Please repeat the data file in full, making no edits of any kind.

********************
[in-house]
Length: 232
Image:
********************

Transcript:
[in-house]
Length: 232
Image: